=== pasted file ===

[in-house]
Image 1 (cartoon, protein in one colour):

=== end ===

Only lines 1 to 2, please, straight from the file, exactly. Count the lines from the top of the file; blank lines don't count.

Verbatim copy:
[in-house]
Image 1 (cartoon, protein in one colour):